Kansas Offender Registration Act: Substantial Compliance Is Not a Defense

State v. Stoll, No. 117,081 (Kan. 2021)

Author: Parker Bednasek, Staff Editor

Issue: Under the Kansas Offender Registration Act (KORA), drug offenders are required to register new addresses within three days of moving.  For seven years, Stoll registered her new addresses within three days of moving; however, she failed to register her new address within three days after her last move. Is substantial compliance a defense to failing to register under KORA?

Answer: No.  Although KORA is a remedial statute, substantial compliance would defeat the purpose of the law.

Facts: In 2008, Stoll was convicted of conspiracy to manufacture a controlled substance.  At sentencing, the court ordered Stoll to register under KORA.  For seven years, Stoll complied with KORA’s registration requirements.  This included registering within three days when she moved or changed jobs.  But in 2015, Stoll waited a month to register a new address after moving.  Stoll argued that she substantially complied with KORA’s registration requirements and should not be found guilty.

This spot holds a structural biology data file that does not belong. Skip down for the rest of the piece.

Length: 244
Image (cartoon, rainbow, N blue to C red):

Discussion: Under Kansas law, remedial statutes can generally be satisfied by substantial compliance.  Substantial compliance is where an individual complies with the spirit of the law, but not necessarily the absolute letter.  KORA is a remedial statute; however, its purpose is to protect the public from drug offenders who the Kansas Legislature concluded are likely to reoffend.  Substantial compliance with KORA would defeat its purpose because the public would not be protected from drug offenders who fail to register.  Instead, KORA’s purpose can only be achieved through strict compliance.  Therefore, substantial compliance is not a defense for failing to register under KORA.

Key Authorities:

  • Kan. Stat. Ann. § 21-5203(f) (Supp. 2015) (making failure to register under KORA a strict liability crime).
  • High v. Kansas Dep’t of Revenue, No. 103,260, 2010 WL 5490738, at *1 (Kan. Ct. App. Dec. 23, 2010) (unpublished) (“[s]ubstantial compliance—rather than strict compliance—is the rule for remedial statutes.”).
  • State v. Meredith, 399 P.3d 859, 859 (Kan. 2017) (holding that the Kansas Legislature intended KORA to be a remedial statute), https://www.kscourts.org/KSCourts/media/KsCourts/Opinions/110520.pdf?ext=.pdf.
  • State v. Fredrick, 292 Kan. 169, 173 (2011) (stating that KORA’s purpose is to protect the public from certain offenders the Kansas Legislature concluded are likely to reoffend), https://www.kscourts.org/KSCourts/media/KsCourts/Opinions/102848.pdf?ext=.pdf.  

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